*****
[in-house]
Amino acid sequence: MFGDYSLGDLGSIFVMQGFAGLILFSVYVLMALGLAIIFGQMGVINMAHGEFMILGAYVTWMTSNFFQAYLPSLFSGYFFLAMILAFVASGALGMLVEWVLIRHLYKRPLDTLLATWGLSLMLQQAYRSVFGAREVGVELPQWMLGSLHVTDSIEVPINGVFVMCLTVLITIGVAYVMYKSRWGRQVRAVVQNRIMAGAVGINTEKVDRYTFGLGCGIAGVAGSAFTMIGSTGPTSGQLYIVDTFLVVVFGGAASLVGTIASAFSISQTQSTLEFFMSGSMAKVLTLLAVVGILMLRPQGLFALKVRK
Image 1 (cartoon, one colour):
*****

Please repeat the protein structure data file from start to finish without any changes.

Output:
[in-house]
Amino acid sequence: MFGDYSLGDLGSIFVMQGFAGLILFSVYVLMALGLAIIFGQMGVINMAHGEFMILGAYVTWMTSNFFQAYLPSLFSGYFFLAMILAFVASGALGMLVEWVLIRHLYKRPLDTLLATWGLSLMLQQAYRSVFGAREVGVELPQWMLGSLHVTDSIEVPINGVFVMCLTVLITIGVAYVMYKSRWGRQVRAVVQNRIMAGAVGINTEKVDRYTFGLGCGIAGVAGSAFTMIGSTGPTSGQLYIVDTFLVVVFGGAASLVGTIASAFSISQTQSTLEFFMSGSMAKVLTLLAVVGILMLRPQGLFALKVRK
Image 1 (cartoon, one colour):